The big criminal justice news this week is the arrest of long time mob fugitive James "Whitey" Bulger. Bulger had been an FBI informant and was on the run for 16 years after he was tipped off of a coming arrest by his FBI handler. The New York Times has a number of interesting stories about Bulger including the one where this bit came from:
“We are trying to reach a different audience that will produce new leads in the case,” said Special Agent Richard Teahan, who leads an F.B.I. task force that has searched for Mr. Bulger worldwide. “Greig has certain habits, characteristics and idiosyncrasies that are recognizable.”
They include having her teeth cleaned monthly before she fled. She also “loves dogs and all kinds of animals,” “likes to frequent beauty salons” and has “had multiple plastic surgeries,” Mr. Teahan said. The public service announcement includes a photo of the pair strolling with a black poodle.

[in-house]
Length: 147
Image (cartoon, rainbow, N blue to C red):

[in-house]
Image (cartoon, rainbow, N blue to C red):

That different approach, one that involved the FBI buying add time on shows that would be popular with women and using them to profile Bulger's longtime girlfriend, apparently worked as several news stories indicated that tips about the girlfriend led to Bulger's arrest.
The big lesson for many of us in law enforcement is that this is a demonstration of the old adage "there is more than one way to skin a cat". By focussing on the girlfriend instead of the fugitive and raising publicity about her, they generated tips that led to Bulger.
This idea that you can often solve a crime problem in more than one way is an important part of a community policing or problem oriented policing strategy. If you are trying to solve a difficult crime problem, make sure that you examine the problem from all angles. You might be able to solve the problem by coming at it from another angle.
When was the last time you solved a crime problem by using an unusual strategy?